Takeshi Kitano is to yakuza films as Robert DeNiro is to American gangster films. Whether it is in front of or behind the camera, Beat (his stage name) Takeshi has had a long, fruitful career, with many of his successful films like Sonatine. Fireworks, Brother and Outrage delving into the Japanese criminal underworld. His talents don’t only fall between acting and directing; he’s also worked as editor and writer for many of his films. He’s an artist whose films have found their way onto US shores, and for those that are fans of yakuza cinema, when a new film by Beat Takeshi comes along, it’s something you simply have to check out.
Beyond Outrage is a follow up to the 2010 release Outrage (this being the only sequel Takeshi has directed). It’s five years following the events that occurred in the previous film, and the yakuza underworld is in the midst of a struggle over not just what clan is in control, but who is in power within the clans. Ishihara (Ryo Kase) is the second in command of the Sanno clan; he’s young and power-hungry and believes the clan should be moving in a more modern direction. Unfortunately the senior members of the clan are more traditional and feel the new direction things are going is not to their benefit.
It’s Detective Kataoka (Fumiyo Kohinata) who seems to have the more dubious plans; is he a dirty cop, or does he simply hate the yakuza? It’s hard to decide where his loyalties rest as he seems to want to play one clan member against the other and throws everything into an uproar when he meets with Kimura (Hideo Nakano) about having a truce with his former enemy Otomo (Kitano). But this isn’t just a simple truce; after all, the last time Otomo and Kimura faced each other, Otomo was stabbed and Kimura came away from the confrontation with a gash across the face. The truce, though, is to push the two into uniting and taking down the Sanno clan.
If it sounds like things get complicated, well, they do, and the front portion of the film is very heavy in exposition and dialog between clan members and Detective Kataoka going from one leader to the next stirring the pot with his partner Shigeta (Yutaka Matsushige) who towers over everyone in the film.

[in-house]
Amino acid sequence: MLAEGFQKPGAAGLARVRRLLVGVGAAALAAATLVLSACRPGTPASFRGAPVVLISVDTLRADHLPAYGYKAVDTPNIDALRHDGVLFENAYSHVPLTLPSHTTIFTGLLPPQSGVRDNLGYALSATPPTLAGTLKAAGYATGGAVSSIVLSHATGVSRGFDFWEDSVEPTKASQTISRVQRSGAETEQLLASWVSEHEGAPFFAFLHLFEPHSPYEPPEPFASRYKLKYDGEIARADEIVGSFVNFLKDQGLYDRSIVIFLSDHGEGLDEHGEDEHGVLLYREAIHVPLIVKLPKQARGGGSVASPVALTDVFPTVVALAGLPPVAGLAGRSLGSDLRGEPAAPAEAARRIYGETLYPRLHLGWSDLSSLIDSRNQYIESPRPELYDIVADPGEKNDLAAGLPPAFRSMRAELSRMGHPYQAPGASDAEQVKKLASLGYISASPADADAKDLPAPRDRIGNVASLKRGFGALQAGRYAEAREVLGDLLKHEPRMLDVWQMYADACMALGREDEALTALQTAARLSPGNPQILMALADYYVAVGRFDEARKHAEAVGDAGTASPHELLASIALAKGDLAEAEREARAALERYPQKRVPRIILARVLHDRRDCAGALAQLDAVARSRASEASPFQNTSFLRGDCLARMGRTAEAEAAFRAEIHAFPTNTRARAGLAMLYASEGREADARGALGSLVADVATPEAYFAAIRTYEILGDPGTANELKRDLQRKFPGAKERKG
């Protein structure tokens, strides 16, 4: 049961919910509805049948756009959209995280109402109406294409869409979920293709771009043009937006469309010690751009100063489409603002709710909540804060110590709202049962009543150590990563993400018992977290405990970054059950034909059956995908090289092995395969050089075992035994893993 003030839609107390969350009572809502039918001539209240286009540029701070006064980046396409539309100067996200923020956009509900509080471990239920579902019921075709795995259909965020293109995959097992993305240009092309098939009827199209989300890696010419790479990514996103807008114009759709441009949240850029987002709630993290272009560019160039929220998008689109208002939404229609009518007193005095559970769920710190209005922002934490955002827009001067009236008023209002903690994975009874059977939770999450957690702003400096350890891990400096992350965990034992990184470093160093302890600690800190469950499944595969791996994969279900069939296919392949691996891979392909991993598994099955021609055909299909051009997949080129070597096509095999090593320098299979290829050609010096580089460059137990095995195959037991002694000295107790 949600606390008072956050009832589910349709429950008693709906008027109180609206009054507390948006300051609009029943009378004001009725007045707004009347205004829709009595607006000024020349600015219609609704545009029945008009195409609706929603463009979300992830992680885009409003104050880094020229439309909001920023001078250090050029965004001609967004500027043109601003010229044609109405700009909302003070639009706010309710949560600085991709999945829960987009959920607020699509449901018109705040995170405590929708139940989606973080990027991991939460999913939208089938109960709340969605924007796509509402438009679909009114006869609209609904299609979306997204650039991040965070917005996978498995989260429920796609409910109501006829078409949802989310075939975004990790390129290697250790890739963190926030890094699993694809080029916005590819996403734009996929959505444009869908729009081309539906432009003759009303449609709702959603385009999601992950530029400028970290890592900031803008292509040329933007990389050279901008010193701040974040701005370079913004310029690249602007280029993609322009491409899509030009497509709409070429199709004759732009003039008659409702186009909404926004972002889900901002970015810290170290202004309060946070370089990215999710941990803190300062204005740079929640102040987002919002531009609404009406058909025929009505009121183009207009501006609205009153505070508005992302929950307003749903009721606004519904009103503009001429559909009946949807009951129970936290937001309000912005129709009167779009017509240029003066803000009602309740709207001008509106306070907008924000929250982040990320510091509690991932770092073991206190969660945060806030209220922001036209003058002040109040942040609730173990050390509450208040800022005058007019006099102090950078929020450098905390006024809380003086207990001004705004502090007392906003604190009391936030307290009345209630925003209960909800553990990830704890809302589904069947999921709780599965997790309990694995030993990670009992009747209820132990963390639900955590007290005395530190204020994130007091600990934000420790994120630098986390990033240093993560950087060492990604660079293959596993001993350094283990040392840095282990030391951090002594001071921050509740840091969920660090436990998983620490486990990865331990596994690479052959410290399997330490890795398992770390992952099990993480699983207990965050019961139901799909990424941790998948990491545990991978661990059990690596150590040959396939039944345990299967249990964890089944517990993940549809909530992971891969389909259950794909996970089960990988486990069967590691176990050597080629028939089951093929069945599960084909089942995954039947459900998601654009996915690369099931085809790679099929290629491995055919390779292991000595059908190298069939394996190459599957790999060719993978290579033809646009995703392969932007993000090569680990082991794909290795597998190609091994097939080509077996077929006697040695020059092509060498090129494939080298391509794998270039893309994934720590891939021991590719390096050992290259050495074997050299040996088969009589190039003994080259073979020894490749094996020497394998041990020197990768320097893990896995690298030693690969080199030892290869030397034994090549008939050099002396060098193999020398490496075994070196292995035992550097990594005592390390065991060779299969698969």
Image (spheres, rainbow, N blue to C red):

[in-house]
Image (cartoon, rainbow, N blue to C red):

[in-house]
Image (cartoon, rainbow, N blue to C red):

Once Otomo is released from prison, he simply wants to live a normal life, but once news spreads about his release a hit is put out on him. Kimura sends over two of his foot-soldiers to look after Otomo, but he resists the protection until he is cornered in an elevator and attacked. Kimura and Otomo understand they can’t take on the Sanno clan on their own, so they go to another yakuza group requesting their help in going to war. From this point on the film finally picks up the pace and just becomes a slew of scenes filled with explosions of violence.
For those who dig yakuza films, do I really have to convince you to check this one out? I highly doubt it. My problem isn’t with the film, it’s just that I had never seen the first Outrage film, and I’m pretty sure if I had seen it, getting into the plot of the film would have been an easier transition. That being said, I’m surprised that I was able to watch this film and not feel like I was missing too much of the story. In my eyes that’s what makes a successful sequel, something that adds to the story previously laid out but accessible to any new viewers. What I like even more is that with the way the film ends it sets itself up nicely for another sequel, which for all those involved as well as fans is a very good thing.